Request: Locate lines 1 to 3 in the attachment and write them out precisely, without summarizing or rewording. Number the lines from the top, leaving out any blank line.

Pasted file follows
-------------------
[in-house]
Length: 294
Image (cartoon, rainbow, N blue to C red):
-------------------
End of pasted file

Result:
[in-house]
Length: 294
Image (cartoon, rainbow, N blue to C red):